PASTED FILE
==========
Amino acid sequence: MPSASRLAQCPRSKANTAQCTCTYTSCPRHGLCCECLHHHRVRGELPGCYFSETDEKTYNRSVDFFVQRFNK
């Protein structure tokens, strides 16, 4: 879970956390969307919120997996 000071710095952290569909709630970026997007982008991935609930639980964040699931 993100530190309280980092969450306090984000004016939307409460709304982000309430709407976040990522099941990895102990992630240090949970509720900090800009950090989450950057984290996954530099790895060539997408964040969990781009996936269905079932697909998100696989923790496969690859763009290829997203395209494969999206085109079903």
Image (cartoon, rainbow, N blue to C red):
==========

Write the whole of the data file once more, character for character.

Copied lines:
Amino acid sequence: MPSASRLAQCPRSKANTAQCTCTYTSCPRHGLCCECLHHHRVRGELPGCYFSETDEKTYNRSVDFFVQRFNK
């Protein structure tokens, strides 16, 4: 879970956390969307919120997996 000071710095952290569909709630970026997007982008991935609930639980964040699931 993100530190309280980092969450306090984000004016939307409460709304982000309430709407976040990522099941990895102990992630240090949970509720900090800009950090989450950057984290996954530099790895060539997408964040969990781009996936269905079932697909998100696989923790496969690859763009290829997203395209494969999206085109079903």
Image (cartoon, rainbow, N blue to C red):